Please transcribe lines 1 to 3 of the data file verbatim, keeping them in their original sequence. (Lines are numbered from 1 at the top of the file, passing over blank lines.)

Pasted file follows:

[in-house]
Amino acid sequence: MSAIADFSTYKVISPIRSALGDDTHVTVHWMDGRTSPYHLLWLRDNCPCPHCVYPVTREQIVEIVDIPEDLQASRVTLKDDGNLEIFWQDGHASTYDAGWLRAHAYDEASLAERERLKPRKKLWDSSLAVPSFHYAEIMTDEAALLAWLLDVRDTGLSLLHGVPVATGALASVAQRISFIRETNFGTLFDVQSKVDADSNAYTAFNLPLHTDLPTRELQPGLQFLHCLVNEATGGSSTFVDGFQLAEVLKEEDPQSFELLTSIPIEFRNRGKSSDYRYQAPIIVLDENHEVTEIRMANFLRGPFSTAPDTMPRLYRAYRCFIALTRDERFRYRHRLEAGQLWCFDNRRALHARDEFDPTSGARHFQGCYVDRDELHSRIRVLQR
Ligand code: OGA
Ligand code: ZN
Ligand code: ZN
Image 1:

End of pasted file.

[in-house]
Amino acid sequence: MSAIADFSTYKVISPIRSALGDDTHVTVHWMDGRTSPYHLLWLRDNCPCPHCVYPVTREQIVEIVDIPEDLQASRVTLKDDGNLEIFWQDGHASTYDAGWLRAHAYDEASLAERERLKPRKKLWDSSLAVPSFHYAEIMTDEAALLAWLLDVRDTGLSLLHGVPVATGALASVAQRISFIRETNFGTLFDVQSKVDADSNAYTAFNLPLHTDLPTRELQPGLQFLHCLVNEATGGSSTFVDGFQLAEVLKEEDPQSFELLTSIPIEFRNRGKSSDYRYQAPIIVLDENHEVTEIRMANFLRGPFSTAPDTMPRLYRAYRCFIALTRDERFRYRHRLEAGQLWCFDNRRALHARDEFDPTSGARHFQGCYVDRDELHSRIRVLQR
Ligand code: OGA